So much for the media myth of Tony Kennedy the closet moderate.  This might be the moment to recall it was TIME that also called Jon Huntsman the Republican candidate Obama most feared.

“So you’re ‘The Decider’, huh? That’s pretty funny.”

Supreme Court watchers who were speculating how the justices would rule and which one would save Obamacare or sink it, have now turned to wondering aloud, why Roberts saved the president from a humiliating defeat in June that could have been the catalyst for a total meltdown in November.   Some theorize Roberts did not want a repeat of the scorn and contempt heaped on the Court as it was in 2000 when they stopped the recount in Florida and appointed George W. Bush as the president.   Others believe the Chief was looking down the road to the fall when Obama faces the voters for a second term.   If the Republicans are triumphant they may get the chance to gut healthcare reform themselves and spare the court from criticism of being right-wing  judicial activists (which by the way, they are).

It’s too soon to tell when Inauguration Day comes in January 2013 if it will be Barack Obama raising his right arm to take the oath of office for a second time or Willard Romney for the first, but regardless of which of the two it is, John Roberts will be there to administer it and that insincere smile he wears will be in part because how he ruled on Obamacare weighed heavily in reelecting the incumbent or electing his challenger.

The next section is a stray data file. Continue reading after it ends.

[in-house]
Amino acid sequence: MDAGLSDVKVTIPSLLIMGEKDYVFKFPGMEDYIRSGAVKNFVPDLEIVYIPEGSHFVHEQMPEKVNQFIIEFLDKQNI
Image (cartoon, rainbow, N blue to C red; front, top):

4 thoughts on “Roberts and Obama: The Best of Frenemies

  1. Actually Jeff, I was expecting you to be a bit more uplifted about this victory. Had it been turned down, Obama’s single most significant achievement would have been blown away and his four years in the White House would effectively have been a complete waste of time (or at least that is what his detractors would have made of it). With this victory, all the bickering and compromising was for a greater good. Time to celebrate, not to introspect?


    • Andy, I was asleep when the decision was handed down (I work nights) and my wife woke me for lunch around 1:00. I asked her had she heard what the ruling was and she said it was upheld. I was pleasantly surprised, but not ready to do any handstands.

      The fact remains, healthcare reform is hanging on by its fingernails. If the president is defeated in November and Republicans grab the Senate and hold the House, all this ruling is only a four-month stay of execution.

      A fight is measured in rounds. We’re past round one, but the fight is far from over. I’m happy, but cautious and wary.


  2. The president’s detractors still think his last four years were a waste of time so SCOTUS’ decision did little to validate it. Roberts just sealed his name on every history, law school and healthcare book for all time by siding in ACA’s favor. That may have been part of his decision but I’m cool with that. Beats being remembered for allowing millions of people to die because they reached their insurance limit.


  3. Roberts surprised everyone. Fox News maybe more than anyone else. I was all set to hear the bad news when I woke up. Obamacare isn’t perfect; it’s a step in the right direction, and it’s going to be a harder fight for Romney in November.

    It’s interesting to think about the motivation for exactly why Roberts went the way he did. Someone speculated that he’s put himself in the kingmaker position where he’s the swing vote now.

    For me this issue comes down to the lives that have been touched, the people who have insurance now that weren’t insurable before.